Over the course of the past 10 years, the other club in the Potteries could have been forgiven for turning to divine intervention.
Port Vale's, however, is not quite the traditional route to oblivion, though there has been the usual smattering of hapless chairmen and directors, and wannabes.
The knights generally do not wear shining armour in football finance fairytales at this level.
Keith Ryder came from nowhere earlier this year with bold promises of investment in players – they always do – but his bid to buy the club has since come to nothing. Instead, a local administrator, Begbies Traynor, who had to sift through the financial mess left back in 2003, are once more in control. At least for now. And, as it happens, very few people are complaining.
It is 16 years since John McCarthy's goal knocked the FA Cup holders of the time, Everton, out of the competition, at a packed Vale Park, under the floodlights, when dreams seem more likely. That night 19,197 squeezed in to watch Everton, with the likes of Neville Southall, Andrei Kanchelskis and Daniel Amokachi, crash out of the cup.
Vale banked just over £170,000 that night. It remains the most they have made for a home game. It was four years after the inception of the Premier League. The machine that has been created is unforgiving for those who either missed the boat, fell off it or could never stretch themselves quite far enough to reach it.
These days you do not need me to tell you £170,000 would not pay the weekly salary of a top earning Manchester City player. In that imbalanced financial landscape has to come sense, but it rarely does, not until the clock has always gone way past the eleventh hour.
"The Vale have lumbered from crisis to crisis in the last 10 years," said Alan Baker, a lifelong supporter who became a spokesman for Black and Gold two years ago as genuine crisis loomed. "We went into administration eight or nine years ago, having been owned by a cigar chomping chairman Bill Bell, we finished eighth one year, but then John Rudge was sacked, replaced by Brian Horton, and that's when things began to go badly wrong. The club went bust, came out of administration in 2003-04, and that was when the fan-owned experiment was tried and went wrong.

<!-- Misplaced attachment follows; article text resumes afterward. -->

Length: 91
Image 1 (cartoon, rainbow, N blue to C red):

"In the end there were 600 shareholders. The singer Robbie Williams (below) put in £250,000 and he was the biggest shareholder. We were fan-owned in the sense that in theory we were owned by the fans. It wasn't as simple as that though. It wasn't one man, one vote. It was one share, one vote. At the AGM at the end, there might be 250 hands in the air up but they were 10 per cent of the share.
"It has been hard and emotional over the past few years and it was draining. It is refreshing to go to games now. There is no one there to dislike for their corruption or dishonesty. I think the club will be reborn, hopefully it will happen before Christmas."
Port Vale have been fortunate so far. A significant part of their debt, £2.8 million, was owed to Stoke-on-Trent council. To help the football club survive, £1.5m of that was written off. The council have also handed over a further £440,000 to pay Begbies Traymor, but that is money they will one day seek back.
"We think Port Vale can be viable if it maintains average crowds of 5,000," said Bob Young, from the administrators. "But if they drop below that we have taken our lives into our own hands."
Somehow, and this is when football clubs and their stories get interesting, Port Vale are winning. Their victory at Exeter on Saturday was their ninth of the season. They dominated, and in the middle of it was a big, six foot three inch striker who supported Port Vale as a kid and dreamed of playing for them.
Tom Pope was in his fourth loan spell at a club when everyone finally realised that he should be a regular at home, doing on the pitch what so many in the stands had been doing to save their football club.
He scored both goals at St James' Park (the other one). He has nine for the season. Pope saving hope. You can't make some of it up.